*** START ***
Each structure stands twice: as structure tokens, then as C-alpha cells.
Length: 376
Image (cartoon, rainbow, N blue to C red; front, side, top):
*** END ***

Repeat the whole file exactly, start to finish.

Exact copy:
Each structure stands twice: as structure tokens, then as C-alpha cells.
Length: 376
Image (cartoon, rainbow, N blue to C red; front, side, top):